A Dallas Morning News article this morning, "Education Board Opposes Intelligent Design Curricula," by Terrence Stutz reports that with only one exception the eleven members of the Texas State Board of Eduction oppose the teaching of Intelligent Design in our schools. This is true even though seven of the eleven SBOE members are clearly associated with the Relgious Far Right.
But, as usual, all this is just too good to be true. At least in Texas.
Read the article carefully and you find that the Religious Far Right only want one change to the evolution curriculum: the weaknesses of evolutionary theory must be taught properly According to self-confessed creationist, Don McLeroy, the Chair, of the SBOE these weaknesses include alleged gaps in the fossil record.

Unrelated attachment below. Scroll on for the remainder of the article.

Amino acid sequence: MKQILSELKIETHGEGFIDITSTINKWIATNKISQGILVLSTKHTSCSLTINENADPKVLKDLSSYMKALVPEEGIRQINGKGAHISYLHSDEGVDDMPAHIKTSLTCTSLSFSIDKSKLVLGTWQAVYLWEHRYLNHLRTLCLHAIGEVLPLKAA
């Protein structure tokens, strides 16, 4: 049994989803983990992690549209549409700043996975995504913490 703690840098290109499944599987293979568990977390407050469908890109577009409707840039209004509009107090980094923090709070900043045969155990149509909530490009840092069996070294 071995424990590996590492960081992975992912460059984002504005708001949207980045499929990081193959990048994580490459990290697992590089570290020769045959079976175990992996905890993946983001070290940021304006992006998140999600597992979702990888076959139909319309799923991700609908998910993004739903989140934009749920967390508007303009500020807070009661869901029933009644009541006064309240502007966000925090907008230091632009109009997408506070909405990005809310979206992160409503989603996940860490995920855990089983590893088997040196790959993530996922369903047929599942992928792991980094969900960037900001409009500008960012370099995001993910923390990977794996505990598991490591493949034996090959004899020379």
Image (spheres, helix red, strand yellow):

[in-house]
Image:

You'd be really obtuse not to notice immediately the hand of the Discovery Institute. Ever since the Kitzmiller case it has been clear that introducing Intelligent Design directly is a lost cause in the courts. So, we step back, and out comes their new book, Explore Evolution, with vacuous biological content and of no greater intellectual merit than Of Pandas and People. And then the campaign becomes to introduce it into the classroom as a supplementary text. Creationism evolves again: this is just one variant of the new Stealth Creationism keeping the faith alive during some admittedly lean years.